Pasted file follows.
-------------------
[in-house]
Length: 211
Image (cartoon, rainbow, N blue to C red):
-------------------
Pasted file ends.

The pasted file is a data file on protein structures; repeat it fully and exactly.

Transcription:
[in-house]
Length: 211
Image (cartoon, rainbow, N blue to C red):